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 Excerpt from the Wall Street Journal’s Plots & Ploys, to view the entire article click here).

Land Lender Liquidity

The latest of the so-called nontraded real-estate investment trusts looking to allow its investors to cash out is a REIT that lends to home builders in Texas.

United Development Funding IV, a Grapevine, Texas-based lender and debt investor, said this week that it plans to list its shares on the Nasdaq stock exchange later this year.

Nontraded REITs are publicly owned, but their shares aren’t traded on any public stock exchange. Instead, their shares are sold through a network of brokers to small mom-and-pop investors.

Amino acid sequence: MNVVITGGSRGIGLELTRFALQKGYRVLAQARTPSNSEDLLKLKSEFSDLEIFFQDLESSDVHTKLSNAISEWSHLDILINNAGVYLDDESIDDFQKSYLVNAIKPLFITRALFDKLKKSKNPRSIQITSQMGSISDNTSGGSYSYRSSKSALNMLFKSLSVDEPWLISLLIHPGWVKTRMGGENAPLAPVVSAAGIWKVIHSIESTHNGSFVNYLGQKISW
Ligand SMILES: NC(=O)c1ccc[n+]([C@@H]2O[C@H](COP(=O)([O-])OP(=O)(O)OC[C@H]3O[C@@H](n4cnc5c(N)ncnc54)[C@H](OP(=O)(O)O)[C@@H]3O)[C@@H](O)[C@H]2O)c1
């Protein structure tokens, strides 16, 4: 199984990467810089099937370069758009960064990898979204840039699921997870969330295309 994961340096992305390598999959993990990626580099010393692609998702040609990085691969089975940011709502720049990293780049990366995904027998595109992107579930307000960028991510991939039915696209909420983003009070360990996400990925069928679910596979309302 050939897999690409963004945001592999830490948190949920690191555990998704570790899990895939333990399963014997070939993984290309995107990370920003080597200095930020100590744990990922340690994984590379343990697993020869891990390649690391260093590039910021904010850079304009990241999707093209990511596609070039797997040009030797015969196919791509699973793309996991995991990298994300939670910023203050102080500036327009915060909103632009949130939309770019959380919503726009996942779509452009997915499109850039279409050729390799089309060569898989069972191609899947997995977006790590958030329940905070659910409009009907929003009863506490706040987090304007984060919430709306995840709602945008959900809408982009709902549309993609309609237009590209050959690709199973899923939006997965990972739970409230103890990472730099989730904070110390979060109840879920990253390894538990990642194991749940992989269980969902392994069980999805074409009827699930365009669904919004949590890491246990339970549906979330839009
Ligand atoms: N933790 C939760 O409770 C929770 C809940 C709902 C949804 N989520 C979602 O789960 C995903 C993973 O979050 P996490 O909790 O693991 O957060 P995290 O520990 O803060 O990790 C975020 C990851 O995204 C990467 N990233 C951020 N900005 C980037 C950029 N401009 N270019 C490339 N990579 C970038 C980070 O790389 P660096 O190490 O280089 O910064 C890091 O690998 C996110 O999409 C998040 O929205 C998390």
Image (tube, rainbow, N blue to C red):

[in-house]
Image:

The REITs then use the money they raise to buy properties or make real-estate loans. If all goes according to plan, they eventually give investors an opportunity to cash out through steps such as selling the funds or listing the REITs on a stock exchange.

Since its inception in 2009, UDF IV has sold more than 32 million shares to small investors through a network of independent brokers for $20 apiece, raising $642.3 million.

The REIT, led by Texas real-estate investor Hollis Greenlaw and former D.R. Horton Inc. executive Stacey Dwyer, makes and buys land loans. The firm hopes to capitalize on the improving housing market in the Lone Star state.

—Kris Hudson